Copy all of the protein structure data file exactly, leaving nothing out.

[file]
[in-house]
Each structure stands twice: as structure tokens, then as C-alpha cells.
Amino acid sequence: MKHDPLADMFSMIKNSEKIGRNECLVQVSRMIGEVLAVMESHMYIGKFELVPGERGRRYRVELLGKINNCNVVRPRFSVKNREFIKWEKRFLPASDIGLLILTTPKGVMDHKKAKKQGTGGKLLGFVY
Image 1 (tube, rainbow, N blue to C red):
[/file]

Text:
[in-house]
Each structure stands twice: as structure tokens, then as C-alpha cells.
Amino acid sequence: MKHDPLADMFSMIKNSEKIGRNECLVQVSRMIGEVLAVMESHMYIGKFELVPGERGRRYRVELLGKINNCNVVRPRFSVKNREFIKWEKRFLPASDIGLLILTTPKGVMDHKKAKKQGTGGKLLGFVY
Image 1 (tube, rainbow, N blue to C red):